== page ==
Justice Roberts’s wit

One great thing about an opinion by Justice Roberts is, well, Justice Roberts’s writing:

The United States asserts that a search of all data stored on a cell phone is “materially indistinguishable” from searches of these sorts of physical items … That is like saying a ride on horseback is materially indistinguishable from a flight to the moon. Both are ways of getting from point A to point B, but little else justifies lumping them together.

Alternatively, the Government proposes that law enforcement agencies “develop protocols to address” concerns raised by cloud computing. … Probably a good idea, but the Founders did not fight a revolution to gain the right to government agency protocols.

In 1926, Learned Hand observed (in an opinion later quoted in Chimel) that it is “a totally different thing to search a man’s pockets and use against him what they contain, from ransacking his house for everything which may incriminate him.” … If his pockets contain a cell phone, however, that is no longer true.

Modern cell phones are not just another technological convenience. With all they contain and all they may reveal, they hold for many Americans “the privacies of life,” Boyd, supra, at 630. The fact that technology now allows an individual to carry such information in his hand does not make the information any less worthy of the protection for which the Founders fought. Our answer to the question of what police must do before searching a cell phone seized incident to an arrest is accordingly simple— get a warrant.

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6 Responses

  1. Gerard Magliocca says:

    I think he does too much of this sort of thing honestly. I find it kind of grating.

  2. Howard Wasserman says:

    I agree with Gerard. Consider this, from today: “modern cell phones, which are now such a pervasive and insistent part of daily life that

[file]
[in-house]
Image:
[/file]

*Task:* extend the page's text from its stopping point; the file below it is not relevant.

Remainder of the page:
the proverbial visitor from Mars might conclude they were an important feature of human anatomy.”

  3. Bill Araiza says:

    Count me in with Gerard and Howard. A few years ago he wrote an opinion that described a police officer’s work in some mock Sam Spade voice. Cringe-worthy.

  4. Joe says:

    The last comment really is not the same — it was a dissent from a denial sort of thing where == like concurring and dissent opinions == it is pretty different from an opinion of the Court. I don’t think a bit of wit really is a problem though it can be overdone. And, I’m sure there are cases, just like Scalia has long jumped the shark on that level.

    Really, is the comment about Mars a big deal? I find thinking it is kind of silly myself. YMMV.

  5. AYY says:

    I agree with the first three commenters. In a way it’s undignified and demeaning to the litigants. Moylan (Md. app) and Gardner (Cal. app) could do this sort of thing pretty well when it was called for, and one of the judges on the Ninth Circuit (who’ll remain nameless) can do it sometimes (maybe not quite as often as he might think), but most would do well to keep the witticisms out of judicial opinions.

  6. Joe says:

    Real sensitive subjects should also not be covered in law articles that have those cutesy titles.

    When the opinion as a whole is serious, I don’t think a few quips disrespects people. Are we really saying that a ruling, e.g., that broadly protects cell phone privacy is “disrespectful” because in thirty or so pages, Roberts tosses in quips? Or, are we saying the government is being disrespected here? Are we worried about their feelings?